The deadly landslide in Freetown, Sierra Leone on Monday morning was undoubtedly partly the result of deforestation. During the rainy season, Sierra Leone is one of the wettest places on earth, statistically. And from that point of view, it is a surprise that such disasters don’t happen more often.

It looks as though the changing climate may make the future risk even greater as more frequent and more violent rainy season events such as this are a measurable consequence.

In tropical Africa, much of the seasonal rain comes from thunderstorms and often these cluster together, creating mesoscale convective systems (MCS). In simple terms, these are arcs of giant thunderstorms that can cover half a country.

Since the start of satellite observations, these have been observed and recorded with rather more reliability than is possible over the sparsely populated area of the Sahel. The systems grow and and move to the west, usually leaving West Africa trough Guinea or Sierra Leone. (Tellingly they are the start of most Atlantic hurricanes.)

You may be surprised to hear that African thunderstorms are among the most intense on earth. That finding came from a scientific paper published in 2006, a study using a worldwide database. A more recent investigation has found that the number of these storms has increased in sub-Saharan Africa, by a factor of three, since 1982.

That latter conclusion came from another scientific paper, published this year, discovering evidence that looks like a clear link to a warming climate. It is a well-established expectation that temperatures will rise, as a global average, and that local variations will be vastly different.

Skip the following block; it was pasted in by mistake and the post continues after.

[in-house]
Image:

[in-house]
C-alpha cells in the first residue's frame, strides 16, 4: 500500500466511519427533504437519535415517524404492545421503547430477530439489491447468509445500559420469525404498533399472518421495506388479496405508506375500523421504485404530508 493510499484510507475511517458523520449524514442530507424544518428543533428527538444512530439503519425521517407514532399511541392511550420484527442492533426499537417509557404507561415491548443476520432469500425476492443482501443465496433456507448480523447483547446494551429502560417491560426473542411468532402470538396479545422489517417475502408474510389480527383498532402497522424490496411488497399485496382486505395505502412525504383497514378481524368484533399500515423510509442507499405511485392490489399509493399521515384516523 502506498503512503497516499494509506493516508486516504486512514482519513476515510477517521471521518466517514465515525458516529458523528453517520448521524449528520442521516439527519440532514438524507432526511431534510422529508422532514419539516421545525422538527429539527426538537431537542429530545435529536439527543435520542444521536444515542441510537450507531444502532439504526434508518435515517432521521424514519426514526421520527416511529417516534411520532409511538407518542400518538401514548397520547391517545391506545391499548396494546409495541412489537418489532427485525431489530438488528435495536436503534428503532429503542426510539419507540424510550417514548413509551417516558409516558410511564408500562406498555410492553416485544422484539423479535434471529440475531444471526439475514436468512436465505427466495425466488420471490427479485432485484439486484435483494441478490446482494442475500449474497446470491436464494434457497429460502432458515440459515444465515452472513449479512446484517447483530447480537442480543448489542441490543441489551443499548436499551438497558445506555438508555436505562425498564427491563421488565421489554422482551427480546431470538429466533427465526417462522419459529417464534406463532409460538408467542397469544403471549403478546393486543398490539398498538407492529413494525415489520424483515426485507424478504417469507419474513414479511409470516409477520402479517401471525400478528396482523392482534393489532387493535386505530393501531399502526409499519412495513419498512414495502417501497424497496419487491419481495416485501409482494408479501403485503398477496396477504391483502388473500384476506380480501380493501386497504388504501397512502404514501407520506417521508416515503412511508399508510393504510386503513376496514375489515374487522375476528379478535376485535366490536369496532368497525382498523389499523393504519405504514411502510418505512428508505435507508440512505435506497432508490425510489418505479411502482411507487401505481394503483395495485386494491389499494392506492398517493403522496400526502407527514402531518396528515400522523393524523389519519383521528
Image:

That leads to an increase in the energy available for hurricanes, thunderstorms, tornadoes and simple rain showers. We see and measure this change. However, in sub-Saharan Africa and particularly in the Sahel, the change has been more dramatic.

The Sahara Desert has heated up as predicted with a warming globe but the edge of the desert, the Sahel, during the wet season, has not. As a result, the temperature gradient from desert to tropics is now steeper. It is differences in temperature that cause weather – they create a reason for air to move.

And as you cannot change the laws of physics, the resulting thunderstorms, grouped as mesoscale convective systems, now have more vigorous construction. They also have the necessary shear in wind direction and strength within the thunderheads to create an efficient up- and downdraught circulation.

This increase in the intensity of these major storm systems looks like a result of climate change. The climate forecast sees the Sahara warming more which leads directly to a future of more intense rainfall events, especially in the Sahel. Resultant devastating flooding and landslides will become more common.

Source: Al Jazeera